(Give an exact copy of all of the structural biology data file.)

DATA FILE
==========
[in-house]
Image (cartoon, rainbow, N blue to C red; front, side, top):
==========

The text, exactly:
[in-house]
Image (cartoon, rainbow, N blue to C red; front, side, top):